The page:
9. Agreed. @lavar703Miami traded away a few players last year and have used those trades to restock the cupboard. There's no reason we can't do the same. This next FA, we do need to be players and get the guys we're shooting for (even if overpaying). This would track with my prediction of how the transformation should go in Year 1 and Year 2 (although benching Haskins threw a monkey wrench into the timeline but that still can be overcome if the general strategy is followed). We need to load up through the draft AND Free Agency AND develop our young players.
  10. Yes. The whole thing is hypothetical. One side is arguing that late season success by our mediocre team will result in success going forward. The last twenty years have shown that to not be the case. Meanwhile, I can point to multiple times a team has coveted a top 10 pick and traded a boatload of picks to jump up to get the player. The Saints (Ditka) once traded their entire draft to us. We turned it into Champ Bailey and Arrington. The team was on its way to continued success until Snyder got here and started monkeying with "short term fixes". More recently another trade happened in 2011 (there are others but I wanted to point out what can happen if a team desires a player and is willing to move up). Falcons traded up from #27 to #6 and gave up the following picks: 2011 1st 2nd 4th 2012 1st 4th Since everyone wanting to "win now" is convinced that our scouting department can find good players regardless of pick in the draft, then they should be amenable to that trade and agree that it would transform our team for the better, no? This is my point.
  11. Draft slots are important. Falcons had to give up a boatload of picks to move up to get their WR they coveted in Julio Jones. Just as one example. Same can be said in other draft trades. As for even one position on the draft board, would you rather be the Colts in 1998 or the Chargers? How many times have we won the division under the Snyder short term strategy of "win now, we don't have to fix too many things" ? Did we follow it up with a playoff run the following year? Yes or No?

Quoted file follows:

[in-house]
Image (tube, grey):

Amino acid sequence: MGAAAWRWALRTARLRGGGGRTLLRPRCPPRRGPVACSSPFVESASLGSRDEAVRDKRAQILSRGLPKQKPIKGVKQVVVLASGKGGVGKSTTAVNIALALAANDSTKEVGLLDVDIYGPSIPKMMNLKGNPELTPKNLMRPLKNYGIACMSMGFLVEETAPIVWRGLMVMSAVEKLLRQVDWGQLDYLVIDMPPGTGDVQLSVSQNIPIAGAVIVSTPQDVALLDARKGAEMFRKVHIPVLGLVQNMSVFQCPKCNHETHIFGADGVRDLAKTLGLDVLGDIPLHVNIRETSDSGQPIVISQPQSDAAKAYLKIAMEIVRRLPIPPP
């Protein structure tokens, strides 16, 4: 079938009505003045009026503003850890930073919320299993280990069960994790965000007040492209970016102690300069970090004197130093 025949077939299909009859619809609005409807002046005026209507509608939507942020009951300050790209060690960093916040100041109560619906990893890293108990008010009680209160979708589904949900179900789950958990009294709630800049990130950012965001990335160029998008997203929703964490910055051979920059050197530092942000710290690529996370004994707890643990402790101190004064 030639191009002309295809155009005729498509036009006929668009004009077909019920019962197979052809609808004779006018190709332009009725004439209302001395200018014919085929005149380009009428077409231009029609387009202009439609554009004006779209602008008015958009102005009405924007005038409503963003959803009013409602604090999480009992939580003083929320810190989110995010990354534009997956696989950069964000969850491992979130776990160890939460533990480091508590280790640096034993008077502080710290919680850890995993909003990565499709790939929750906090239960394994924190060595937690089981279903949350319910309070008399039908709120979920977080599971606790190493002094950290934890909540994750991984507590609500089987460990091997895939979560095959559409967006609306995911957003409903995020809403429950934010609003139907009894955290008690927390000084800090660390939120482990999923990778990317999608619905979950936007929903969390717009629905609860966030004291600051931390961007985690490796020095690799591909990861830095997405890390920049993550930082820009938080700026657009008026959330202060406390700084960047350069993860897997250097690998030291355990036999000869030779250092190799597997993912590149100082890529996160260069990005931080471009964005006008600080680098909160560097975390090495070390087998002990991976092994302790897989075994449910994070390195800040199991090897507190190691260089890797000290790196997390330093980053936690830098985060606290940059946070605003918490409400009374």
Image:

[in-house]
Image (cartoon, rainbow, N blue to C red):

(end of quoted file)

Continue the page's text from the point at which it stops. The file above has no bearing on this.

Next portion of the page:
12. So if top picks don't change anything, then let's trade them all away for 7th rounders. You're looking at the short term fix. Chase locks the position down for a decade-plus. Burrow's injury was unfortunate, but until then he was locking down the position there for a long time as well. Nope. I'm a person who has transformed multiple organizations successfully. Each time I did I came on the heels of someone who tried to "live in the now" and do things short term. Each time they had convinced the client that they were almost there and only needed to do a few tweaks around the edges instead of peeling the onion all the way back and getting to the core of the problem. Sound familiar? Because THAT is what Snyder has done and allowed coaches to do for the last twenty years. And you're just fine with it. So if anyone has been "Snydered", it's you my friend. I've never said winning during the season wasn't important. What I've said was that with a team this talent-poor, winning a division title this year is not as important as drafting 10-12 spots higher consistently in 2021. That can transform the team. Winning a division title in a year with THIS roster and the rest of the division not looking like they could be a little league team is not what I consider to be a long term success. That is more of the Dan Snyder "I want to win so I can get butts in the seats and market the hell out of the team so I get more $$ and screw the long term health of the organization." And people fall for it because they want to "see a playoff game". Which is what has been consistently done for twenty years. Which you're apparently fine with. I'm not.
  13. Don't forget the First Place schedule that comes with winning the division!
  14. Okay. So suppose we end up picking 3rd or 4th. And we're on the clock and a team wants a player at our pick so badly that they are dangling their 2021 first and second and a 2022 first rounder. Think that can't change our franchise? It's not always about the player available that WE can pick. Sometimes it's the player available that another team covets.